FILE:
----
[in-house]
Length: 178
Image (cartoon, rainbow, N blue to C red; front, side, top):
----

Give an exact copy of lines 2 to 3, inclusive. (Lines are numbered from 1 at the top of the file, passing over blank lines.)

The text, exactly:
Length: 178
Image (cartoon, rainbow, N blue to C red; front, side, top):